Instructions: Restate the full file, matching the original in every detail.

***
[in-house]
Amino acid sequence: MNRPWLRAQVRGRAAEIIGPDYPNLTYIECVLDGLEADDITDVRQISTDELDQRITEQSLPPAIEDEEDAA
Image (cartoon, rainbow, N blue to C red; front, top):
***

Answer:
[in-house]
Amino acid sequence: MNRPWLRAQVRGRAAEIIGPDYPNLTYIECVLDGLEADDITDVRQISTDELDQRITEQSLPPAIEDEEDAA
Image (cartoon, rainbow, N blue to C red; front, top):